Two old college friends, Dean Andrews and Jay Porter, are visiting this week. They are seeing Alaska at its finest. Nearly every time we stopped to cast a lure, some silvery fish followed to investigate. The salmon are in and there's a line at the fish processor's. There have been whales, and 8 foot seas. We are having a blast like the good ole days at Va Tech, but we're a little wiser now. We are in bed by 9 and up at 5 a.m.
Bigger fish are showing up in Kachemak Bay and beyond. Dean and Jay, of Richmond, Virginia are visiting and were lucky enough to fish with Captain Dave Ferreria. The bite was slow but the two big fish came at the same time, which caused all kinds of excitement. A bigger fish was lost. Maybe Dave will get him later in the summer. Today we head over to Humpy Creek.
The sockeyes are the only game in town. Just across the Bay, they are schooling at the entrances of streams. Snagging is not for the squeamish. You are basically yanking these fish out of the water and dispatching them. There is no catch-and-release here, an none of that phony ethos. It's legal though and an Alaska tradition. I got my six yesterday and they will be processed and smoked by my friend David. He brines them for two days, then smokes them to perfection. Late in winter, I'll make some salmon dip, or smoked salmon chowder and hardly remember the suffering I had to witness to get these. That squeamishness fades quickly. In fact, I want to go back for more.
The Russian River Early Sockeye Run continues, but it has a shelf life. I did my part. Last night I got these three, but I had to walk two miles up river and avoid many salmon that were "turning" or "blushing" as they say. I saw heartbreak, slippage, real injury and hopefulness on the banks of that slippery river. I think I'll stay away for a while. On the way home I stopped at Anchor Point to swim the dogs. Rocket posed for a picture with of the volcanoes in the background.
The sockeyes have returned in force to the Kenai Peninsula. I got two limits last week. My knife professionally sharpened by a Russian man, I flew through the filleting exercises with ease. I was so tired after hiking up and down that river that I slept in the back on my truck. It's going to be a sunny week, with temps near 70 on the 4th. I hear it's like Kabul, Afghanistan down in the Lower 48. And I hear there will be parades.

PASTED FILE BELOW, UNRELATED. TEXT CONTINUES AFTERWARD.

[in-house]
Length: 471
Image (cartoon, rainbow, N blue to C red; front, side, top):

My friend Steve Palmquist was up visiting from Kansas. I nearly got him killed within six hours of picking him up at the Anchorage Airport. After that it was smooth sailing. We fished with Captain Kyle on the Irish Mist. It was a great time and that boat is a great boat to fish from, plenty of deck space and a heated, roomy cabin. The captain put us on a great halibut hole and the Kansan did great, hooking most of the fish that hit his bait. Later in the week we did a hike to a nearby glacier. My dogs did retrieves in liquid about the same coolness of your Crown and Coke. Good times.
I just got back from a few days at No See Um Lodge in Bristol Bay, Alaska. The fishing was off the charts. We flew in Beavers every day to find the best places to fish. It was catch and release fishing at its best. And the service at the lodge was incredible too. They actual had a hot tub and a sauna shipped up the river and installed at the lodge so you could relax after a day of fishing. I never fished in the same water twice. Each day they sent us out to new locations. You'll be hearing more about this place when I can wrap my mind around it.
I've said it before and I'll say it again: you can live like a king up here on what people throw away. Two days ago, I filched a halibut carcass that was headed for the dumpster. I spent the morning making a fumet It was made more difficult because I had Labrador Retrievers weaving through my legs. I let it simmer for an hour, then tossed out the bones and strained it. Later I added some tomatoes and parsley. It was rich and creamy, one of the best things I've ever made. It tasted vaguely of Kachemak Bay.
Here's Henderson chilling in the Alaskan sunshine while I work on the condo. The nearby rivers are closed to ALL fishing due to woefully low king salmon returns. The Anchor River, the closest river to Homer, has only 200 fish as of now. Usually, the river would have 1,500 or more. So we are biding are time and waiting for things to improve. At least I can still fish at The Fishing Hole.
The solo drive from Casper to Homer was tough. The Yukon is my favorite, but I didn't tarry to long there. Made the Alaska border on the 3rd day. 3,000 miles later and I'm at K-Bay Coffee, vaguely recognizing some of the folks here and there, blending by wearing rubber boots. I'm taking the dogs for a beach-walk.